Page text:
Virtual realities

Are Virtual Influencers More Valuable to Brands than Humans?

CGI virtual influencers connect idealism and capitalism in technologically advanced ways, but are they changing the face of social media and brand marketing for good?

“I still think she’s real,” said my mom as she glossed over the blemish-free Instagram page of salable CGI influencer Lil Miquela.

I was attempting to show her that the teenage virtual model is fictional and could easily be superimposed onto images with other celebrities, but my mom wasn’t buying it.

While Lil Miquela’s dedicated audience is (now) aware of her fictional status, the transmedia company responsible for creating the virtual influencer in 2016, Brud, gloats in a blanket statement that the California-based Miquela is “as real as Rihanna.” However, it’s a fact that Rihanna is literally human—so what’s the case for Lil Miquela, and what, precisely, is Brud trying to embed within the minds of her followers?

The Virtual Pull

“CGI influencers capture the public’s attention in the same way traditional influencers and models do,” says Kevin Rapp, Creative Lead for Root Insurance. “They sell a lifestyle that people want to be a part of.” The “lifestyle” that Rapp’s referencing includes CGI influencers having makeshift photo shoots in nearly any imaginable environment, from concert festivals to traveling abroad. “Honestly, [CGI influencers] seem like a natural progression of influencer advertising.”

“Brands have worked to blur the line between reality and advertising,” Rapp continues, explaining why he believes that CGI influencers will become increasingly prominent in the next decade. “Social media has created an avenue for distorted and idealized versions of identity. Creating wholesale digital identities to sell products, unfortunately, feels like a logical next step.”

"There is seemingly limitless potential in how these influencers can be utilized, as long as consumers are willing to engage."

And it very well may be. The rise of various CGI personas is steadily inclining, and Lil Miquela isn’t the only virtual influencer whose presence on Instagram has become magnified. There's the “robot queen” Bermuda, another Brud creation who repped right-wing politics when she first appeared on the scene as Lil Miquela’s rival. Similar to Lil Miquela, Japanese CGI model Imma (created by Tokyo-based modeling firm ModelingCafe) has attracted 175K followers since her creation in 2018. In the past year, she’s drummed up campaigns with Magnum Ice Cream, BAPE Japan, and had an exclusive fashion editorial with i-D Japan. There’s even Shudu, who claims (despite a lack of sentience) to be the world’s first virtual supermodel. She even landed a spot on Fenty Beauty’s Instagram page to promote their lipstick in 2018.

Derived from a specific Daz 3D software model, Lil Miquela was the first of her ilk with room for digital simulation through commercialized appeal—garnering partnerships with Calvin Klein, Prada and Coachella. Due to numerous commercial endorsements, Miquela’s notoriety and Gen-Z relevance has even made her a recent signee with Talent Agency CAA. Before Lil Miquela became an internet powerhouse, though, her existence began from scratch.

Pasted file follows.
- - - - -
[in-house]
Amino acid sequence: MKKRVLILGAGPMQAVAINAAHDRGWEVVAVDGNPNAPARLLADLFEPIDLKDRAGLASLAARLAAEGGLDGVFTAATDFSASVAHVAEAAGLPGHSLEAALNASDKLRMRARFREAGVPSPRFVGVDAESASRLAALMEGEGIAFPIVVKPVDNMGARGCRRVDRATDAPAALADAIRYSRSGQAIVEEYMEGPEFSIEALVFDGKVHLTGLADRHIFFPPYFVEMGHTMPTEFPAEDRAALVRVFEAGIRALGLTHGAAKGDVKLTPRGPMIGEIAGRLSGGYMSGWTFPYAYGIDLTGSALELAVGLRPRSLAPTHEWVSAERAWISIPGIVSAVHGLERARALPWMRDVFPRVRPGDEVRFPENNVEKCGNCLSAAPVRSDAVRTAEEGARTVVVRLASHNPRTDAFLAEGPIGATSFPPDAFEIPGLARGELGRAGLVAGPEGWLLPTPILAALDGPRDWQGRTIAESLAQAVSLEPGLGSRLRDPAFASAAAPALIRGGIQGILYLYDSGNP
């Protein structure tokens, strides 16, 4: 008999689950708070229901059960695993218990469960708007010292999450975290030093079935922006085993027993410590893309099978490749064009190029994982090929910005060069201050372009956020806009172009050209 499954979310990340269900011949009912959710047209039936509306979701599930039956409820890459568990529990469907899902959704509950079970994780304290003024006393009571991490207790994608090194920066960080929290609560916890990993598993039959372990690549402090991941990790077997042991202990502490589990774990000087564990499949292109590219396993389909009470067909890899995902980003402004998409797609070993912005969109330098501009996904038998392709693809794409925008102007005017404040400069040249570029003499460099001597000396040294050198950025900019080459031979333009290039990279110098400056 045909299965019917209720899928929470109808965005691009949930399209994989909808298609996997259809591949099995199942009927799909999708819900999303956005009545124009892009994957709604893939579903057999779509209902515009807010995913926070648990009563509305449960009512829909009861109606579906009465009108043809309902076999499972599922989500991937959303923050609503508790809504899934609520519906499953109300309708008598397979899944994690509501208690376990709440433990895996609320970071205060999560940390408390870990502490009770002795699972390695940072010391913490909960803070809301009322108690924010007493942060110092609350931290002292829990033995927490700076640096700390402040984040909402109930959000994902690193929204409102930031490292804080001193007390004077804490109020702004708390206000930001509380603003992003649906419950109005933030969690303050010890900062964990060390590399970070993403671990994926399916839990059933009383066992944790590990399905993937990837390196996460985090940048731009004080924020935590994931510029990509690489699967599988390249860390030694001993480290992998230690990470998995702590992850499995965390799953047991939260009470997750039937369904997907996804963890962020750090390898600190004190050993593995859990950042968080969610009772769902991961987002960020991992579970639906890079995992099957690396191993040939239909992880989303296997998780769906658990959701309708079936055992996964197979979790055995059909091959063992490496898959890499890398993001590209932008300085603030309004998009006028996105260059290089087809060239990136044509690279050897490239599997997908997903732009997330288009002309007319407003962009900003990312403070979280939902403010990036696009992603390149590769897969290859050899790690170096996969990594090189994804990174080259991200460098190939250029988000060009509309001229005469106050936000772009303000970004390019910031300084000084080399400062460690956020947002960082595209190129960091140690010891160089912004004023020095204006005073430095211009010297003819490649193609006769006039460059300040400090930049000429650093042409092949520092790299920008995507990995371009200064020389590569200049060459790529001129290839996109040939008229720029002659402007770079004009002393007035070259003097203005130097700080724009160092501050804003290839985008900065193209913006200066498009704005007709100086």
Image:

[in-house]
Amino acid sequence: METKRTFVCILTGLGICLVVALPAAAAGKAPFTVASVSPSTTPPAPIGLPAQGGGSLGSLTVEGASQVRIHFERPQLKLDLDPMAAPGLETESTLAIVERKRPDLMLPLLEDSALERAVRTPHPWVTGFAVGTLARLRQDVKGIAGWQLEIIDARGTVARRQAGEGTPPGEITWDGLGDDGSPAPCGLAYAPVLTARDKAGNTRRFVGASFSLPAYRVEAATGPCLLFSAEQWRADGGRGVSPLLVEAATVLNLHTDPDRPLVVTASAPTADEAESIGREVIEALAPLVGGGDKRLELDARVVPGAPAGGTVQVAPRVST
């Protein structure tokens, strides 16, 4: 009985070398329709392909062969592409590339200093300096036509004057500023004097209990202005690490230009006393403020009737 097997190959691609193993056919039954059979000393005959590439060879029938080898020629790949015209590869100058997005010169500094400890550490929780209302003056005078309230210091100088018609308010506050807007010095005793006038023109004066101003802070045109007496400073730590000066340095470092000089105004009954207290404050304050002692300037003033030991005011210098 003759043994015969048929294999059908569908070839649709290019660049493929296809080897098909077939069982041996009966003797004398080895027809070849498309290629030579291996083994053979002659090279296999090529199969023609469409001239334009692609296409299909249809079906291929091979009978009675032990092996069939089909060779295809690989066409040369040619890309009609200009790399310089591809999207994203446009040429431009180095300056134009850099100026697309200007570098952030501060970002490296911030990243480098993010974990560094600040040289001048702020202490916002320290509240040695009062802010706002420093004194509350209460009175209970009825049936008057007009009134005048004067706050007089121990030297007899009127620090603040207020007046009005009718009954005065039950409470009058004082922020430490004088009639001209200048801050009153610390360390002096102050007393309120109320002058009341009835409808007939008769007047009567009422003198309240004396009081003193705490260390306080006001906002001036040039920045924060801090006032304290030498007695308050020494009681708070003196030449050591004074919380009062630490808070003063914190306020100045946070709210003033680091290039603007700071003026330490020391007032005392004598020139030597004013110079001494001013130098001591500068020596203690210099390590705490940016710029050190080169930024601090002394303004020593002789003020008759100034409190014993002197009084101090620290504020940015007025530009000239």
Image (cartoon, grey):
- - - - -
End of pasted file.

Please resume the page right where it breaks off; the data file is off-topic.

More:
CGI artists first create a model or 3D sculpture of the influencer, building their texture within a reference photo and appearance through software programming. While the Daz 3D model is visually flawless, Rapp shares that one of the tricks to Lil Miquela’s popularity is the relatability of her features. “The biggest issue with computer-generated imagery is that it’s inherently perfect, and that’s not how things exist in reality,” he says, noting that humans don’t have as “precise” contours as virtual models. “The key to making something more relatable is to add imperfections. That’s why on a character like Lil Miquela you see a lot of freckles or gaps between the teeth. It’s an attempt to make her look less perfect and therefore more real.”

Smoke and Mirrors

While these CGI influencers are seemingly intended to mirror humanity, freelance animator Galen Tipton guesses that this trend may eventually warp into a dystopian surrealism. “While I don't think CGI influencers will garner more attention than human ones throughout the decade, I can see them getting stranger and less human when it comes to appearance and personality,” Tipton says, noting that audiences may become unenthused with CGI influencers selling their posh lifestyles. “I can see the idea of the CGI influencer adapting to this and instead of sterile, perfectly idealized humans, [they’ll become] more expressive and strange, possibly even aggressively less human.”

But before that happens, existing celebrities and influencers may segue into creating digital versions of themselves, especially as platforms like Fortnite push virtual concerts. Other social platforms have taken a similar approach: In January, singer Tinashe held a Facebook-streamed virtual concert with entertainment tech company WaveVR in which she performed songs that the audience chose, even chatting with them during breaks.